However, after a decade of growth, development has recently slowed down in Pennsylvania.

“What the data’s been showing is that it’s cheaper to install wind power in places in the middle of the country,” says Constantine Samaras, assistant professor of Civil and Environmental Engineering at Carnegie Mellon University.

Wind projects can be difficult to finance in Pennsylvania’s “deregulated” or competitive electricity market, which favors short-term contracts, and the cost of building new transmission lines to connect wind farms to the grid can be prohibitively expensive.

At the end of 2013, Congress allowed a key federal tax credit to expire and has shown no signs of renewing it yet. The production tax credit (PTC), which gave wind developers 2.3 cents for every kilowatt hour of electricity produced, has come and gone several times since it was first introduced in 1992.

Michael Speerschneider is Chief Permitting and Public Policy Officer at EverPower Wind Holdings, the Pittsburgh-based company behind the Twin Ridges wind farm. He says the uncertainty of the PTC has made wind a boom-or-bust business, with developers rushing to get projects started before the credit expires.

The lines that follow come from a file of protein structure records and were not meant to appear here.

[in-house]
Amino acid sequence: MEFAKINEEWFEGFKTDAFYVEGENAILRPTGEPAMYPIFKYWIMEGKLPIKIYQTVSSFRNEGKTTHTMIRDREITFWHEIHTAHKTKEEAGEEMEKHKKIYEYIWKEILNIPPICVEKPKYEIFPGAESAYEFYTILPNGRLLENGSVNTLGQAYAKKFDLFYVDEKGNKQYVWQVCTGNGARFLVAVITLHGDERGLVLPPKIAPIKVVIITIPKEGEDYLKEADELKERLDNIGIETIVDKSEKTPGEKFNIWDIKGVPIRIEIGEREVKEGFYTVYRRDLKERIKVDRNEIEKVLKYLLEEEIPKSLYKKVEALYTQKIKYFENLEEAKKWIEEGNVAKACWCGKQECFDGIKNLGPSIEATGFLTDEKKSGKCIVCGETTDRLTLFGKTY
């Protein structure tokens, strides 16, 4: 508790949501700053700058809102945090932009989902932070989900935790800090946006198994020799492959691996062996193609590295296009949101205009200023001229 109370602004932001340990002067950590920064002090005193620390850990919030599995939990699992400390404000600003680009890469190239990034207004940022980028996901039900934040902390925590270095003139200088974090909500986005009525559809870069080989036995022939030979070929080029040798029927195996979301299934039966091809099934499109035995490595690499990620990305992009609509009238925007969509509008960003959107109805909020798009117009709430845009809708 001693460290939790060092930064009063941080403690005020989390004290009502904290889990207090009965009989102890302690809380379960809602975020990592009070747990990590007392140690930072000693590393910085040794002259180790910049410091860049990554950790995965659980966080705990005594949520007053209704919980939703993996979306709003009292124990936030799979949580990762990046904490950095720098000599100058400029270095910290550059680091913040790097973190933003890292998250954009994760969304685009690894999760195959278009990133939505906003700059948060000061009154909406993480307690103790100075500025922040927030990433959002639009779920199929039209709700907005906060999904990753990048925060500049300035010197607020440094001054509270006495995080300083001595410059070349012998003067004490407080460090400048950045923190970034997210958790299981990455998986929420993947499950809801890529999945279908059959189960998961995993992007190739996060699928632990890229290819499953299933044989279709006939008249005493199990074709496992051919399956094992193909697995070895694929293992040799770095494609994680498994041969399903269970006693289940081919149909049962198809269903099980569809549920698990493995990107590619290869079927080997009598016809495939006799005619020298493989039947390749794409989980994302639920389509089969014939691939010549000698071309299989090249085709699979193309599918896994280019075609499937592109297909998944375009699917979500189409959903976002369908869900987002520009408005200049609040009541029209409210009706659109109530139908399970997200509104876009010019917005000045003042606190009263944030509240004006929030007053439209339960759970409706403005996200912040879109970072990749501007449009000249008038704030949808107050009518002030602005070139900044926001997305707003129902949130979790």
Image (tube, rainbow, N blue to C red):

The Spanish wind turbine manufacturer, Gamesa cited that as one reason for closing down a plant in western Pennsylvania earlier this year.

But developers like EverPower expect wind to gain strength again – even without the PTC.

Pennsylvania’s Alternative Energy Portfolio Standard, passed in 2004, requires utilities to purchase increasing amounts of power each year from renewable sources. The ultimate goal is to reach 18 percent in six years.

Some environmental groups are pushing to increase the standard to 30 percent by 2030.

“By really shifting heavily towards wind and solar and other renewable energies and energy efficiency, we can cut global warming pollution and grow a stronger clean energy economy,” says Adam Garber with PennEnvironment.

“When are you going to take your hands off the bike?”

Upping Pennsylvania’s renewable energy capacity is one option the state will have for cutting carbon dioxide emissions under a new proposal from the federal Environmental Protection Agency.

However, the Corbett administration is skeptical that more government incentives are the right way to accomplish that goal.